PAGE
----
Self-constructed performances: engaged research with communities

Herron, Rebecca and Vilalta-perdomo, Eliseo Luis (2005) Self-constructed performances: engaged research with communities. Systemica: Journal of the Dutch Systems Group, 15 (1-6). pp. 27-34. ISSN 0167-9961

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Self-constructed performances: engaged research with communities
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Abstract

In the course of everyday engaged research work in the Community O.R. Unit we have
frequently been asked to explore issues of performance in social and community contexts.
In many cases community groups or collective actors are engaging with government or
other statutory bodies and the interest (from both sides) is in accounting for allocation of
public resources. Institutional bodies typically embody deeply-held beliefs about performance
measurement and target-setting which do not always sit well with cultures and
beliefs in community contexts. This difference may frequently cause tension and even
conflict; it also creates challenges for a researcher engaging him/herself between these
different perspectives. The situation is itself further complicated when it comes to writing
up research and making sense of it within the academic community, by the distinctions
frequently used by this audience. In particular, performance analysis of any kind is frequently
assumed to be an uncritical, naively-objective activity, incapable of the subtleties
of thought associated with interpretation and socially-constructed norms and ‘realities’.
We tentatively argue here that far from representing an externally imposed view of reality,
data analysis may be used as an arena (language) for describing views of collective activity
that are constructed in the interaction between the actors involved (the researcher being
an actor him/herself).We posit this might be used to create a powerful (sustainable) story
with the full participation of community members.

Item Type:Article
Additional Information:In the course of everyday engaged research work in the Community O.R. Unit we have frequently been asked to explore issues of performance in social and community contexts. In many cases community groups or collective actors are engaging with government or other statutory bodies and the interest (from both sides) is in accounting for allocation of public resources. Institutional bodies typically embody deeply-held beliefs about performance measurement and target-setting which do not always sit well with cultures and beliefs in community contexts. This difference may frequently cause tension and even conflict; it also creates challenges for a researcher engaging him/herself between these different perspectives. The situation is itself further complicated when it comes to writing up research and making sense of it within the academic community, by the distinctions frequently used by this audience. In particular, performance analysis of any kind is frequently assumed to be an uncritical, naively-objective activity, incapable of the subtleties of thought associated with interpretation and socially-constructed norms and ‘realities’. We tentatively argue here that far from representing an externally imposed view of reality, data analysis may be used as an arena (language) for describing views of collective activity that are constructed in the interaction between the actors involved (the researcher being an actor him/herself).We posit this might be used to create a powerful (sustainable) story with the full participation of community members.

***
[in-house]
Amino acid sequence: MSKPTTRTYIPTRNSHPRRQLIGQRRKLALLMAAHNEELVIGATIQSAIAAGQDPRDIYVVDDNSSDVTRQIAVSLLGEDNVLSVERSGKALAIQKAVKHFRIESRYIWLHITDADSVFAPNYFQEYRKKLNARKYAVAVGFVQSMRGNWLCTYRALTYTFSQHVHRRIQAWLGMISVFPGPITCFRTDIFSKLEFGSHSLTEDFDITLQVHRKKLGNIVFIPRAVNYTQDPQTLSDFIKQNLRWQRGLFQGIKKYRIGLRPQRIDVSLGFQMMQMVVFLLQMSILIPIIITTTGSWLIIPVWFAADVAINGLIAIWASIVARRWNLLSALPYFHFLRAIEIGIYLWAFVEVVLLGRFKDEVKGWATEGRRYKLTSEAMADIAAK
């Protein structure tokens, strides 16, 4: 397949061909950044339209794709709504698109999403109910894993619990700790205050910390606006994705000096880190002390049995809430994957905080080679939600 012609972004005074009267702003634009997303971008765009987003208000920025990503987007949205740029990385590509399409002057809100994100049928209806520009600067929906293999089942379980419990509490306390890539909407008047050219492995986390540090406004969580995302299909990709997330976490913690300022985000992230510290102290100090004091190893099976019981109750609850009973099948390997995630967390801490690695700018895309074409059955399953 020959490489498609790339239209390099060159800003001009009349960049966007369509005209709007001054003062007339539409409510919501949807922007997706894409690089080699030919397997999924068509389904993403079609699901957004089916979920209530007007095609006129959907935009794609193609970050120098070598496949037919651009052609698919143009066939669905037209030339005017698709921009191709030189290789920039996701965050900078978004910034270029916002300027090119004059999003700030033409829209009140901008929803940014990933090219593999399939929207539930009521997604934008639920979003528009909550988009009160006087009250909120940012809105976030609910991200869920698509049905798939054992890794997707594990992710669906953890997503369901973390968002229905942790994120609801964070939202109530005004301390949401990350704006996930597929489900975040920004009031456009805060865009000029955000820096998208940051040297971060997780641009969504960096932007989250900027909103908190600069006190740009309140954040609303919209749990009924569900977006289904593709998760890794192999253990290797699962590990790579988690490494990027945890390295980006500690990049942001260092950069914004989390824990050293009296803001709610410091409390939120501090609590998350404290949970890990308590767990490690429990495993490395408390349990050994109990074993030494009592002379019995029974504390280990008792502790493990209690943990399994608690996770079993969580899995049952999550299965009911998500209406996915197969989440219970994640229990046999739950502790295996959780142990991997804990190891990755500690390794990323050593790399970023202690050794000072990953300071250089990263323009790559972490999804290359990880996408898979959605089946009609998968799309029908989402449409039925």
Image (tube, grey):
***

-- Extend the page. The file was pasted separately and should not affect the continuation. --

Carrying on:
Keywords:Self-organising collectives, performance analysis, evaluation, Social Construction, Operational Research
Subjects:N Business and Administrative studies > N220 Institutional Management
Divisions:College of Social Science > Lincoln Business School
ID Code:1267
Deposited By: Jill Partridge
Deposited On:04 Oct 2007
Last Modified:18 Jun 2013 14:33

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